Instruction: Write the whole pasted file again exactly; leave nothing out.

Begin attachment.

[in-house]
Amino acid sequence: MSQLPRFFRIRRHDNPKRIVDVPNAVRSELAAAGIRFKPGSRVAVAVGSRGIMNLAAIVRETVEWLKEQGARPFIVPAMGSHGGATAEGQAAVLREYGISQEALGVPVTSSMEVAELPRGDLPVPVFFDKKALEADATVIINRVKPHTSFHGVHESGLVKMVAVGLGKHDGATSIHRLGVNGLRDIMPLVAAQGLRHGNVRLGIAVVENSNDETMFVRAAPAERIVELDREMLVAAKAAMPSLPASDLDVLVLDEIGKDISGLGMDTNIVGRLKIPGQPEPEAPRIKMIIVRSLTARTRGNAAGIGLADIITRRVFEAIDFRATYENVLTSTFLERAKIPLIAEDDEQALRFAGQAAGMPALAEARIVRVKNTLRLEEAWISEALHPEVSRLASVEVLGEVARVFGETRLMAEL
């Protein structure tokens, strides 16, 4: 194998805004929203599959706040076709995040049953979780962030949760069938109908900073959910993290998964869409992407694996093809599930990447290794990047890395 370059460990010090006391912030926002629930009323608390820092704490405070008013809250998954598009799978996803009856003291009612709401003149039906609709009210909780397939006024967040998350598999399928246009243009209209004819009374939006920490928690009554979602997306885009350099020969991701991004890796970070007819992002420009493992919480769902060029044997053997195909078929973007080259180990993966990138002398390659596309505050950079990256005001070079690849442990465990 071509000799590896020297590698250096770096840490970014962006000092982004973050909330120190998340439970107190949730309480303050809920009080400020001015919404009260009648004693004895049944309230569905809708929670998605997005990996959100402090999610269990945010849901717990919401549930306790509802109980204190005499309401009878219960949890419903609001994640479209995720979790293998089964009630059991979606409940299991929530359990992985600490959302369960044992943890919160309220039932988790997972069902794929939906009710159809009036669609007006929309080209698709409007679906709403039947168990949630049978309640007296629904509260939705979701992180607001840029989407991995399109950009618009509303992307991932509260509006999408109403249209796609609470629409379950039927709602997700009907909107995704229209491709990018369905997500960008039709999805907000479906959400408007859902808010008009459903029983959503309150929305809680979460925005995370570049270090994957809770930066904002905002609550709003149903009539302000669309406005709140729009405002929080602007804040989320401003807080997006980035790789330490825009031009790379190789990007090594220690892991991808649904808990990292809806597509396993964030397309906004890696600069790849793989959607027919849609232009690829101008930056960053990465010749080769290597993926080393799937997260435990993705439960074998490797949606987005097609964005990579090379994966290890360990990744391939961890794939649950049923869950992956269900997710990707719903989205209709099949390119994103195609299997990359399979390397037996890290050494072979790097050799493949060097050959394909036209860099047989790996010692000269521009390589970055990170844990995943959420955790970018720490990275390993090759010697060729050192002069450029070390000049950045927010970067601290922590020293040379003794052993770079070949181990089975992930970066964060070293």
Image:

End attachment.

[in-house]
Amino acid sequence: MSQLPRFFRIRRHDNPKRIVDVPNAVRSELAAAGIRFKPGSRVAVAVGSRGIMNLAAIVRETVEWLKEQGARPFIVPAMGSHGGATAEGQAAVLREYGISQEALGVPVTSSMEVAELPRGDLPVPVFFDKKALEADATVIINRVKPHTSFHGVHESGLVKMVAVGLGKHDGATSIHRLGVNGLRDIMPLVAAQGLRHGNVRLGIAVVENSNDETMFVRAAPAERIVELDREMLVAAKAAMPSLPASDLDVLVLDEIGKDISGLGMDTNIVGRLKIPGQPEPEAPRIKMIIVRSLTARTRGNAAGIGLADIITRRVFEAIDFRATYENVLTSTFLERAKIPLIAEDDEQALRFAGQAAGMPALAEARIVRVKNTLRLEEAWISEALHPEVSRLASVEVLGEVARVFGETRLMAEL
């Protein structure tokens, strides 16, 4: 194998805004929203599959706040076709995040049953979780962030949760069938109908900073959910993290998964869409992407694996093809599930990447290794990047890395 370059460990010090006391912030926002629930009323608390820092704490405070008013809250998954598009799978996803009856003291009612709401003149039906609709009210909780397939006024967040998350598999399928246009243009209209004819009374939006920490928690009554979602997306885009350099020969991701991004890796970070007819992002420009493992919480769902060029044997053997195909078929973007080259180990993966990138002398390659596309505050950079990256005001070079690849442990465990 071509000799590896020297590698250096770096840490970014962006000092982004973050909330120190998340439970107190949730309480303050809920009080400020001015919404009260009648004693004895049944309230569905809708929670998605997005990996959100402090999610269990945010849901717990919401549930306790509802109980204190005499309401009878219960949890419903609001994640479209995720979790293998089964009630059991979606409940299991929530359990992985600490959302369960044992943890919160309220039932988790997972069902794929939906009710159809009036669609007006929309080209698709409007679906709403039947168990949630049978309640007296629904509260939705979701992180607001840029989407991995399109950009618009509303992307991932509260509006999408109403249209796609609470629409379950039927709602997700009907909107995704229209491709990018369905997500960008039709999805907000479906959400408007859902808010008009459903029983959503309150929305809680979460925005995370570049270090994957809770930066904002905002609550709003149903009539302000669309406005709140729009405002929080602007804040989320401003807080997006980035790789330490825009031009790379190789990007090594220690892991991808649904808990990292809806597509396993964030397309906004890696600069790849793989959607027919849609232009690829101008930056960053990465010749080769290597993926080393799937997260435990993705439960074998490797949606987005097609964005990579090379994966290890360990990744391939961890794939649950049923869950992956269900997710990707719903989205209709099949390119994103195609299997990359399979390397037996890290050494072979790097050799493949060097050959394909036209860099047989790996010692000269521009390589970055990170844990995943959420955790970018720490990275390993090759010697060729050192002069450029070390000049950045927010970067601290922590020293040379003794052993770079070949181990089975992930970066964060070293």
Image: